“As a former educator who also loves to win and hates to lose, I  have chosen to stay at a mid-major program at Miami University because they do things right, and academics is the No. 1 priority for student/athletes,” said Condit.  “We win conference championships, enjoy NCAA appearances and have pulled our share of upsets versus Big Ten and SEC schools.  My No. 1 priority with winning championships is to teach these young women how to overcome adversity and bring their best to the classroom and volleyball arena every day – no excuses.  I am driven in this cause and love the challenge of developing leaders and helping 16 different women learn to win together unselfishly.  To graduate champions at every level should be the ultimate goal.”

The diverse opinions aside about why it’s so hard for a female head coach to be in a position to challenge for a national title, there is consensus about one thing: It will happen. Maybe not this year, but within the next five. No more than ten.

“I definitely think a female head coach will win the title someday,” said Louisville head coach Dani Busboom Kelly.  “It easily could be BYU this year!  There are more females in head coaching roles than ever before so the probability is going up year by year.  There is also more parity in our sport than ever before and that will continue.  Instead of there only being a handful of teams that can compete at the highest level, there are two or three handfuls this year and hopefully that will continue to grow.  Administrators want to hire the best females so when more and more storied programs turn over, I think we will see females take some of those positions.”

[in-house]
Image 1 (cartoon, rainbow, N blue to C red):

“My great aunt was the first female to letter at the University of Texas,” said Wilson. “What I learned from her was that it wasn’t important that no female had lettered before her time at UT, but the fact that she worked hard to be the first and impacted so many young women that came after.  As a current female coach, I had to decide I wouldn’t get caught up in what hasn’t happened yet, but what WILL happen.  I focus on the fact that we have some extremely talented female coaches that I have zero doubt will win one title or more.  As a younger head coach, I want to pay attention, talk to them and also see how they thrive under the challenges that lay before all of us, male and female alike. 

“There is a first for everything, which is why sports are so inspirational across the country.  I have no doubt in my mind the answer to this is, ‘Yes.’  We are responsible for empowering our young women to succeed at the highest level.  We have to be an example to them and believe that we can do the same.”

“I have no doubt that a female will win a national championship,” said Launiere. “I think it will be within five years as there is so much more parity, so many resources going to untraditional powerhouses and some really good up-and-coming female coaches.”

“Yes, of course I think a female will win a national championship,” said Greeny. “I should quit my job now if I think I never will.”